“Now or never”: if the Government wants to win over the next generation of Australian voters, it must take serious action on climate change now

“Now or never”: if the Government wants to win over the next generation of Australian voters, it must take serious action on climate change now

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When the pandemic swept over the world early last year, millions of Australians and billions more around the world took shelter in their homes. As students in our early 20s, for us that meant studying from home, behind a screen. As passionate climate activists, COVID-19 also meant taking action against our government’s grim climate policy had to take place in the virtual world.

Right as climate action was gaining enormous, mainstream momentum in Australia – in the wake of 2019’s devastating bushfires, and as Greta Thurnberg was inspiring us all in her powerful address to the UN – the 2020 #SchoolsStrikeforClimate rally was derailed.

Having attended the first major #SchoolsStrikeforClimate protest in Sydney in 2019, which saw around 80,000 people attend, it was disappointing to have the strikes paused. But tomorrow, we are back and ready to hit harder than ever. And the fact that two years on we are campaigning and asking for almost exactly the same things, motivates us to fight harder than ever.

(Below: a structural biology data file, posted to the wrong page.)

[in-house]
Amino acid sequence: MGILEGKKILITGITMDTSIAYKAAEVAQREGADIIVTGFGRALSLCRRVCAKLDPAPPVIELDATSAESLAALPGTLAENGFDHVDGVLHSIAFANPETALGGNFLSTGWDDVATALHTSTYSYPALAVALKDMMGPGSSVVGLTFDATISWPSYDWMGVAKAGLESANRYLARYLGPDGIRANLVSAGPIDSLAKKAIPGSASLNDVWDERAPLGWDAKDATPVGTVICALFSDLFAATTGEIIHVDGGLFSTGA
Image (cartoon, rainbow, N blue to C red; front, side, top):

We are Margaret and Olivia and we are both students from Sydney. As young activists, we’re hitting the streets today to demand three things from the Australian government: no new coal, oil and gas projects, 100% renewable energy generation, and to fund job creation and transition for fossil fuel workers.

Striking is important because it forces the climate issue onto the public agenda and into the media, and sparks conversations between parents, friends, teachers and politicians that force a re-evaluation of the climate crisis.

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A climate strike in Sydney in 2019

One of the silver linings we observed through the pandemic and lockdowns of the last year was that it seemed as if the environment began to heal. For a brief moment we felt hope. Perhaps seeing these beautiful images of clear water in Venice and blue skies in New Delhi would help everyone realise that our planet is something we can’t afford to lose. But as we’ve emerged out of COVID-19 here in Australia, into what we thought would be a new normal, it appears that very little has changed.

As young people, it is shameful that we have to lead the charge on positive change that will heal the environment and steer us away from that point of no return that is eerily close. Every year, we hope that it will be the year where decision-makers in government harness their empathy and instincts to preserve the human race, and turn around Australia’s grim policy against renewable resources and emission reduction.

For a country that has the potential to be one of the most progressive and ahead-of-the-curb nations when it comes to climate change, last week’s federal budget was particularly saddening.

Alarmingly, gas seemed to be a big winner in the Morrison government’s 2021-22 budget, with the government announcing new funding of $58.6 million to go towards fast-tracking pipelines, gas field trials, gas production and storage projects, A further $30 million was allocated to early works on a new gas generator in Port Kembla.  Let that sink in.

And yet, there was nothing new announced to support the renewable energy sector. In fact, the word “climate” appears in only two items in the entire 197 pages of budget paper number two, which lays out the proposed spending measures for the next four years.